SINGAPORE (Reuters) - Singapore’s central bank said it is studying whether to allow financial technology firms to operate digital-only banks in the city-state, as regulators in other Asian markets begin issuing virtual banking licences.
Singapore is among several financial centres in the region, such as Hong Kong, Seoul and Tokyo, pushing to become a fintech hotspot. Measures in recent years include state funding, light-touch regulation and moves to allow start-ups to test financial products in a controlled environment.
“Technology and other non-bank firms have been making large digital strides, and they have brought substantive value to their customers in doing so. Some of these non-bank firms have established digital-only banks, either amongst themselves or in partnership with incumbent banks,” the Monetary Authority of Singapore said in response to a query from Reuters on Tuesday.
“MAS is studying whether to admit such digital-only banks with non-bank parentage.”
Singapore, a major global financial services hub, is home to three locally listed banks - DBS Group Holdings Ltd, Oversea-Chinese Banking Corp Ltd and United Overseas Bank Ltd.
More than 200 banks have a presence in Singapore and a growing number have their operational headquarters in the city-state to service their regional group activities.
OCBC Group CEO Samuel Tsien cautioned against a one-size-fits-all approach by fintechs.
“With the rapid evolution of fintech over the past several years – where fintechs began as start-ups looking to disrupt financial institutions, to fintechs as eco-systems orchestrated by large technology companies – it is unavoidable that you will see digital-only banks without bank parentage wanting to operate here,” Tsien said in a statement.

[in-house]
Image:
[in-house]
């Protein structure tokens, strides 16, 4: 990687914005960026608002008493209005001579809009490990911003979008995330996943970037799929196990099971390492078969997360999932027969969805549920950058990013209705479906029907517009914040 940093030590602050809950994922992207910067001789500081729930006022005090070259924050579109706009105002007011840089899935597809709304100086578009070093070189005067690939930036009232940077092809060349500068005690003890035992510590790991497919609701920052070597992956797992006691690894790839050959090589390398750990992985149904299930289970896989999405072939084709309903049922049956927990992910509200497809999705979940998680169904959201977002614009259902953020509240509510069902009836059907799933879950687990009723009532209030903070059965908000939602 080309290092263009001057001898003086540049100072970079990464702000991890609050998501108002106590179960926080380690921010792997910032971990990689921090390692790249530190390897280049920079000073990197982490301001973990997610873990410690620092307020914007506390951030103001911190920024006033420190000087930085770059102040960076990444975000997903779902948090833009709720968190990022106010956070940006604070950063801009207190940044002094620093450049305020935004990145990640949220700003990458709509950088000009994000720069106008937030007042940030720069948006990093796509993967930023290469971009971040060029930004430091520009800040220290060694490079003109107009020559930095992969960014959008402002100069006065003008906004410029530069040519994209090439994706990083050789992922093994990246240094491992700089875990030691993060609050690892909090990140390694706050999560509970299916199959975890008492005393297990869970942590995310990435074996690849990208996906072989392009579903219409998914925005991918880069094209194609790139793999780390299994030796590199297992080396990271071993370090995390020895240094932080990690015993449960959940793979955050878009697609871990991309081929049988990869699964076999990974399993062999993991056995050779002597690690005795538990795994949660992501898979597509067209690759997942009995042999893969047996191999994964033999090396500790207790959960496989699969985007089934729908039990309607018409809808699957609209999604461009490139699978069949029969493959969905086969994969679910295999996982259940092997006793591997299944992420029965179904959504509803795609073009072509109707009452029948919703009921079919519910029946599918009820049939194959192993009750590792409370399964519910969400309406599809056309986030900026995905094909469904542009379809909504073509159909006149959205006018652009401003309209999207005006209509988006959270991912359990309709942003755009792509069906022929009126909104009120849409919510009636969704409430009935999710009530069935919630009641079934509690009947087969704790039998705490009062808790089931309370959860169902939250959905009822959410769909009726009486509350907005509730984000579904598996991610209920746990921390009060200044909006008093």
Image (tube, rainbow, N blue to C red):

“However, the operating model of such banks cannot be a one-size-fits-all regardless of the operating environment,” Tsien said, highlighting Singapore’s small domestic market, adding that almost every Singapore resident has access to banking services.
Singapore’s central bank said it has engaged relevant stakeholders to determine the value they bring to the local banking landscape and “understand how potential risks will be managed and contained.”
Hong Kong’s banking regulator this year issued so-called virtual banking licences to four companies including fintech firm WeLab Digital Limited. In South Korea, authorities have issued two online-only bank licences, one of them to Kakao Bank in 2017, which is operated by the company behind the country’s largest chat app.
Reporting by Aradhana Aravindan and Anshuman Daga; Editing by Jacqueline Wong